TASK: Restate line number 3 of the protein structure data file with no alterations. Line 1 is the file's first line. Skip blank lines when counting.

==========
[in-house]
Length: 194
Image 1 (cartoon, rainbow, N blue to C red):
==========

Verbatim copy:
Image 1 (cartoon, rainbow, N blue to C red):